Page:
Design007 Magazine


Issue link:

Contents of this Issue


Page 43 of 123

44 DESIGN007 MAGAZINE I AUGUST 2020 Fugitt: I have examples. Things like—I'll throw the term out there, and you can put yourself to sleep Googling it—"self-intersecting polygons." Almeida: It's just a conversion of the intelligent design into unintelligent Gerber files, and what that entails to drive a machine, as opposed to screen graphics. Fugitt: We're doing a translation, and just to carry that one just a little bit further is it's ille- gal, per the Gerber spec, to get all the CAD system's output and know how you can go any further with that. Almeida: It always goes back to that common issue between design systems and manufactur- ing systems. This is at the end of the process, and it's where the smallest amount of R&D is spent on the manufacturing side of the design tools. And that's a large reason why people are still gravitating toward Gerber files, as opposed to an ODB++ or an IPC-2581 file; they just don't have that experience. Fugitt: I'll go a little bit further with this. I have a major CAD system right now that outputs Gerber data so badly that most users output IPC-274D instead of 274X. If you know the dif- ferences between 274D and 274X, it's almost inconceivable. I love that word. Right now, I have a rep in the Czech Republic, trying to write a translator for 274D—remember that there was no spec 274D—and then I have a user in Germany who sent us an example of 274X from this same CAD system. It's unus- able, bad data. There's this thought in the industry that Gerber is good, and the simple fact is it's not, in a lot of cases. Shaughnessy: But 98% of designs are still out- put in Gerber, right? Almeida: Something like that. It's still very high. I think the other problem you have is that the ownership of the design over the last 10–20 years has been shifting from a special- ist PCB designer, who had a lot of manufac- turing expertise, to the EE, who is often more of a generalist. There's nothing wrong with that, but the EEs now have more ownership of the process, and they're not as well-versed in things like PCB fabrication or assembly. How- ever, they can do everything from chip design right through to the board design and simula- tion, signal integrity, and so forth. The elec- tronic circuit is getting faster and better and more complex but with the trade-off of less manufacturing information. Shaughnessy: Now, the data gets to the fabricator's CAM depart- ment. What typically happens at that stage if the data package comes in and has incomplete or bad data? Almeida: We discussed this in the earlier days of DownStream. We talked to fabricators, and some of them told us that up to 50%—or even more—of the designs they received were put on hold because there was an issue. It either didn't align with their require- ments, or there was ambiguous or missing data. But typically, the design goes on hold, and the production process comes to a stop until what- ever issue they found can be resolved. Some- times, that percentage can even be closer to 100% because it's just ambiguous when they get the information. Fugitt: We spend so much time on database integrity, and now you're putting out data that somebody has to fix before you can manufac- ture this design. And of course, if you've sent it to me, I'm going to fix it one way. But if you send it to Rick, he may fix it another way. Now, you've lost your database integrity. Shaughnessy: What is the impact on the job? What happens when fabricators have to deal with this bad data? Rick Almeida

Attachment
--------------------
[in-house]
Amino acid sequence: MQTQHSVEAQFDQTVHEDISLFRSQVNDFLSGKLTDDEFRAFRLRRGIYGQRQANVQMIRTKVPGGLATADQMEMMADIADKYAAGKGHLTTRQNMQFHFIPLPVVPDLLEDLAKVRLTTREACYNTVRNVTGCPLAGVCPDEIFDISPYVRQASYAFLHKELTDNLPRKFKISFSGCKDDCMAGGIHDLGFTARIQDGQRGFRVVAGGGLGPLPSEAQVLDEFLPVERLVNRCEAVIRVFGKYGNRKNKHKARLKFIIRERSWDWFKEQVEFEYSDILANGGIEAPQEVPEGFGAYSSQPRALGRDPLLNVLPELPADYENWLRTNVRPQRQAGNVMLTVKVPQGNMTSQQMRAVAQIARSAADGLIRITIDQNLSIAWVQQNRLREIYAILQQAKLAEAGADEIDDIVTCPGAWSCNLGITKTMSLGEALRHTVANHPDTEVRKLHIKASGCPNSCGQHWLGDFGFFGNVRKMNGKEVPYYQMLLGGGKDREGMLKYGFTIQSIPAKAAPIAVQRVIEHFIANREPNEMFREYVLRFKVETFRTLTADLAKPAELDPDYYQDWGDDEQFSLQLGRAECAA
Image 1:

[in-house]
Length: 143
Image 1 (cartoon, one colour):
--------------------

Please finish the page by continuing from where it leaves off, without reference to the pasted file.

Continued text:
Articles in this issue

Archives of this issue

view archives of Design007 Magazine - Design007-Aug2020